The heroine got hit by a truck and died within the first two pages of the book.
Then in a span of approximately two minutes, she woke up staring up at the eyes of the school’s resident stoner.
At this point, I was the figurative fish; hook imbedded deep inside my cheek, and hopelessly flailing at the end of the reel.
I can cite two complaints among the number of gratuitous gushing I have done over this book:
One, the author was relentless in jacking your emotions. She never once let up; not even to recover. As if the thought of the end of the world wasn’t enough to put the fear of God in the character’s eyes, she also tortured the heroine with other rather, emotionally scarring events in her personal life. And as much as you want to cry with Janelle, Norris will not let you do that. Just when you thought that you can just sit back and contemplate about Janelle’s emotional upheavals, the author pulls her up by the hair on her head, slaps some sense into her and tells her to “suck it up, princess! You have a world to save.” I think this is also the reason why it’s taking me a while to post a review. I had a choice between a shot of tequila or just to step back – way back from the book. Besides, this complaint may be a good thing to some readers but not to me. I needed time to process, decompress – before I tackle the next round of drama and angst. I'll tell ya one thing, you'll never be bored while you're in the grips of this book.
Two, Nick (brief boyfriend) was a victim of being the unfortunate, irrelevant character (pet peeve of mine). I seriously haven’t a clue why he was there to begin with. Unless he’s got a bigger part in the remaining books of the series, Janelle’s relationship with Nick was the proverbial fat in need of trimming. The same goes with her poor mother. Or maybe it’s just me. I feel like her mother’s mental health was a ploy to add angst in an otherwise, already complicated family dynamics. Her father is a workaholic; living and breathing his FBI life. But he was doing his very best. He’s mostly absent but the little time he spent with his kids was precious, nonetheless. His partner, Struz acted as the big brother who, oddly enough, spent more time with Janelle and her brother than their father did.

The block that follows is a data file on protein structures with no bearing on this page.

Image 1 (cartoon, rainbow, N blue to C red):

There were a myriad of things that happened in the book but Norris managed to bind them all in one cohesive awesomeness. Her writing was clear and concise. I found her very descriptive without being wordy, and at 445 pages, being wordy just spells boredom and imminent flouncing. I’m glad she got her point across; otherwise, this book would at least be double its size.
The way she wrote of Janelle’s emotional state after a loved one’s death was consistent of how she handled her mother’s illness. At times, I found her cold and calculating but if you look at the other things that was going on her life, you’ll find that she’s very adept in compartmentalizing her emotions. She’s always got her head on and she never let anything get in the way of her priorities.
I love the suspenseful element of the barbequed humans and the mysterious countdown. I remember wracking my simple brain for how those two would be related and coming up empty. When I eventually found out toward the end, I wasn’t even close.
Ben, the love interest: This is where I'm supposed to gush and swoon, but I'm opting to skip this part. The impossible romance: Damn it. It hurts like a mofo. You need to read this book; you need to immerse yourself in a world where parallel universes exist. You need to meet the secondary characters that made this book that much more compelling. You need to meet Ben; the angsty, rebellious, typical bad boy who'd loved Janelle since she was probably ten years old. You just need to read this book, period.
VERDICT: Unraveling did what science fiction had somewhat failed as far as capturing this reader's interest. And though I’ve never been one to go out of my way to acquire books in this genre, the ones I have in my bookshelf seem characteristically lacking in emotional pull. Well, Unraveling is the exact opposite; it was bursting in human elements. Though I was a bit wary of the blurb “24 meets X-Files”, I can honestly say that all my hesitations were all for naught. This high octane novel exceeded all my expectations and then some. 2013 can’t come soon enough.
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